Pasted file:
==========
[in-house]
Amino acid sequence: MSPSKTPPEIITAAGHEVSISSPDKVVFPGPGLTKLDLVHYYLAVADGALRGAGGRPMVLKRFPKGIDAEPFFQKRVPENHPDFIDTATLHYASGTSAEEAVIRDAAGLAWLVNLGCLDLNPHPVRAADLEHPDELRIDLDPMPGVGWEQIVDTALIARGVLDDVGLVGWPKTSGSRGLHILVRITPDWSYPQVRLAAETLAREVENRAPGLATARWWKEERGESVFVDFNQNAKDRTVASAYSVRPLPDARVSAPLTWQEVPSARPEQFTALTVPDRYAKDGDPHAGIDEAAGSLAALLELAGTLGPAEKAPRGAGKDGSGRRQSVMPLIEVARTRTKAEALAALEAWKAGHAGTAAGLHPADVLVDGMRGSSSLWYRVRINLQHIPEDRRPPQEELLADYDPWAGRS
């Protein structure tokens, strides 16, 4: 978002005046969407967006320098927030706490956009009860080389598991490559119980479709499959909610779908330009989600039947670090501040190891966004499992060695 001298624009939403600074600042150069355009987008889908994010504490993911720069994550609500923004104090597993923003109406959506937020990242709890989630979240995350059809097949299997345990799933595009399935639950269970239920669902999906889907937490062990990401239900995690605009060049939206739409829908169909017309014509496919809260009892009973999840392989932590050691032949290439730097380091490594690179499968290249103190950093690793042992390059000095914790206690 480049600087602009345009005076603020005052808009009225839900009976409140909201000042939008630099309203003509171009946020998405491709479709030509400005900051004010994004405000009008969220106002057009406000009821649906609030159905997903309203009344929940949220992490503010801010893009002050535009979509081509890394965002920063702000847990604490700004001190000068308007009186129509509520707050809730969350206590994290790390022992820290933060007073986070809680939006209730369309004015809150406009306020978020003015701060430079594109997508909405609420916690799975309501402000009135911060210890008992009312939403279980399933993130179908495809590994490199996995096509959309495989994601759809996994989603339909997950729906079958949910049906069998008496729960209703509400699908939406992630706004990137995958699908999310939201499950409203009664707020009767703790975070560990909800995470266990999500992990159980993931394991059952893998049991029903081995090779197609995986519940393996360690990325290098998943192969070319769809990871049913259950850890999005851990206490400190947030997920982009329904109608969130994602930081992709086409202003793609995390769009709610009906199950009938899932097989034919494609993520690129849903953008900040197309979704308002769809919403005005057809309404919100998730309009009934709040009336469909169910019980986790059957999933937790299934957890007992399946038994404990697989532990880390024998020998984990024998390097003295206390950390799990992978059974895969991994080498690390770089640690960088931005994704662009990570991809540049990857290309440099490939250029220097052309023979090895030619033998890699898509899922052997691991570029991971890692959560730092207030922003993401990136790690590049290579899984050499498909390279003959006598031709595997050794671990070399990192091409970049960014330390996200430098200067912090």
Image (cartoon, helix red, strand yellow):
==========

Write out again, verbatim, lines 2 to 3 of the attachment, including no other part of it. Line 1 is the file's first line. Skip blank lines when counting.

Amino acid sequence: MSPSKTPPEIITAAGHEVSISSPDKVVFPGPGLTKLDLVHYYLAVADGALRGAGGRPMVLKRFPKGIDAEPFFQKRVPENHPDFIDTATLHYASGTSAEEAVIRDAAGLAWLVNLGCLDLNPHPVRAADLEHPDELRIDLDPMPGVGWEQIVDTALIARGVLDDVGLVGWPKTSGSRGLHILVRITPDWSYPQVRLAAETLAREVENRAPGLATARWWKEERGESVFVDFNQNAKDRTVASAYSVRPLPDARVSAPLTWQEVPSARPEQFTALTVPDRYAKDGDPHAGIDEAAGSLAALLELAGTLGPAEKAPRGAGKDGSGRRQSVMPLIEVARTRTKAEALAALEAWKAGHAGTAAGLHPADVLVDGMRGSSSLWYRVRINLQHIPEDRRPPQEELLADYDPWAGRS
């Protein structure tokens, strides 16, 4: 978002005046969407967006320098927030706490956009009860080389598991490559119980479709499959909610779908330009989600039947670090501040190891966004499992060695 001298624009939403600074600042150069355009987008889908994010504490993911720069994550609500923004104090597993923003109406959506937020990242709890989630979240995350059809097949299997345990799933595009399935639950269970239920669902999906889907937490062990990401239900995690605009060049939206739409829908169909017309014509496919809260009892009973999840392989932590050691032949290439730097380091490594690179499968290249103190950093690793042992390059000095914790206690 480049600087602009345009005076603020005052808009009225839900009976409140909201000042939008630099309203003509171009946020998405491709479709030509400005900051004010994004405000009008969220106002057009406000009821649906609030159905997903309203009344929940949220992490503010801010893009002050535009979509081509890394965002920063702000847990604490700004001190000068308007009186129509509520707050809730969350206590994290790390022992820290933060007073986070809680939006209730369309004015809150406009306020978020003015701060430079594109997508909405609420916690799975309501402000009135911060210890008992009312939403279980399933993130179908495809590994490199996995096509959309495989994601759809996994989603339909997950729906079958949910049906069998008496729960209703509400699908939406992630706004990137995958699908999310939201499950409203009664707020009767703790975070560990909800995470266990999500992990159980993931394991059952893998049991029903081995090779197609995986519940393996360690990325290098998943192969070319769809990871049913259950850890999005851990206490400190947030997920982009329904109608969130994602930081992709086409202003793609995390769009709610009906199950009938899932097989034919494609993520690129849903953008900040197309979704308002769809919403005005057809309404919100998730309009009934709040009336469909169910019980986790059957999933937790299934957890007992399946038994404990697989532990880390024998020998984990024998390097003295206390950390799990992978059974895969991994080498690390770089640690960088931005994704662009990570991809540049990857290309440099490939250029220097052309023979090895030619033998890699898509899922052997691991570029991971890692959560730092207030922003993401990136790690590049290579899984050499498909390279003959006598031709595997050794671990070399990192091409970049960014330390996200430098200067912090």